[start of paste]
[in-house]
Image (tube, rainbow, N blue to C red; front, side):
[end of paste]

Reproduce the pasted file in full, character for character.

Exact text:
[in-house]
Image (tube, rainbow, N blue to C red; front, side):